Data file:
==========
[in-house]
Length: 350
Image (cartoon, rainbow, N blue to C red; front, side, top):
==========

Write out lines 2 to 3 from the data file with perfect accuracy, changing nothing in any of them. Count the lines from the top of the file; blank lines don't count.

Length: 350
Image (cartoon, rainbow, N blue to C red; front, side, top):